My grandpa died tonight, although we'd been slowly losing him for years.

I'd received a text message from my mother in the early afternoon letting me know of his failing health. "The doctor says it could be any time now," she'd written.

I volunteer at a hospice every Sunday. I was in the middle of making cookies when I got my mom's text. Earlier, I'd brought out a tray of snacks and coffee for a family who'd just lost a loved one. Later, as I sat next to my grandfather's bed, holding his hand and stroking his forehead, one of the nurses came in with a tray of snacks. I smiled at her, and laughed quietly to myself at the reversal of roles.

"Do you want a few minutes alone with your grandfather?" my mother asked me. "Is there anything you want to say?"

"No," I told her. "He knows. I've already told him." A few years ago, back before he had gotten sick. When he was more himself. It was his birthday. I wrote him a card and sat with him as he read it.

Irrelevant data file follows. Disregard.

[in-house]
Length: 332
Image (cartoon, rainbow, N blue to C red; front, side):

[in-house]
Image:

"Thank you," it said. "Thank you for teaching me how to drive a car. Thank you for teaching me how to make my own rope. Thank you for showing me how to cast a fishing line. Thank you for letting me shoot a pellet gun. Thank you for teaching me the names of all the trees in the forest. Thank you for making my childhood exciting. Thank you for being my grandfather. I love you."

I've not yet cried over my grandfather's death, but not because it doesn't sadden me. I will miss my grandfather. I will mourn his loss for the rest of my life, but we can't keep the things we love with us simply because we don't want to be without them.

My eyes teared up as I said goodbye to him for what turned out to be the last time. I kissed his forehead and rubbed his hands. He looked so small laying there in his bed. His breathing was laboured, but he looked peaceful.

I don't know where we go when we die. I don't know what happens. But I'd like to think that my grandfather is out there, somewhere, free from the tethers of the frail body he left behind. I hope that my dog is there with him too.